In the last post we projected what a $1,200 contribution would grow to at age 65 and at age 60 using various interest rates and various ages at the time the contribution was earned. Using that projected value, we then determined how many years a $20 distribution could be paid from that amount.
For many years, the CDC has been issuing a National Vital Statistics Report, updating the United States Life Tables each year. The most recent year available is 2017, and that report was released in 2017. You can find that report here:
Table A shows the life expectancy from ages 0 to 100 in 5-year increments. Since most volunteer firefighters are male, we'll look at the male numbers. This table says that a 60-year-old male is expected to live about 22 more years, and a 65-year-old male is expected to live about 18 more years.
Therefore, on average, a male participant who begins collecting his service award at age 60 can generally expect to be paid that benefit for 22 years. Similarly, a male firefighter collecting at age 65 can expect to be paid for 18 years. Most defined benefit LOSAPs include a 10-year guarantee. This means that if the participant dies before collecting 120 monthly benefits, then payment would continue to a beneficiary until a total of 120 monthly benefits have been distributed. If the participant lives to collect for more than 10 years, then payment continues for the rest of his lifetime and stops at death. Based on this CDC report, it is expected that most LOSAP participants will live to collect for more than 10 years.
So when looking at the age 65 table from the last post, we could use 18 years as the dividing line of which plan is better for certain ages. Using the 4.5% rate of return projection, a 45-year-old that earns 50 points and a $1,200 contribution will see that contribution grow to $2,894 by age 65. That amount is enough to pay $20 per month for 17.3 years. Since that is very close to 18, we could conclude that for anyone younger than age 45, the $1,200 DC plan would result in a larger benefit at age 65. For anyone over age 45, the DB plan would result in a larger benefit.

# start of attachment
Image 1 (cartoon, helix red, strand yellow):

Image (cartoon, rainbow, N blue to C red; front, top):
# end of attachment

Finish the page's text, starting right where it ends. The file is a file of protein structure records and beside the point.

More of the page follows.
Again at age 65, we we assume only a 4% rate of return, the line drops to about age 40. If we assume a 5% rate of return, the line ticks up somewhere between 45 and 50.
I think it is safe to say that on average, firefighters under age 45 would benefit more from the $1,200 DC plan, where firefighters over age 45 would benefit more from the $20 DB plan, assuming an entitlement age of 65.
At age 60, the line just shifts back by 5 years - on average, age 40 is roughly the dividing line between which plan is better.
When trying to determine this for your own department, it is very important to not only consider the average age of the fire department, but the goal of the LOSAP. If the goal is to retain younger members, maybe that leads you to the DC plan. If the goal is to keep more veteran members, then the DB plan may be the better choice.
However, it is also important to consider the total costs of each plan. If on average a $20 DB plan costs 25% more than a $1,200 DC plan, you can expect that the $20 DB plan will provide a larger benefit on average (maybe not 25% more, but more). So it is important to look at two plans that have similar annual required contributions.
This is a certainly a nuanced and complicated analysis. But in general, I the conclusions reached here are reasonable.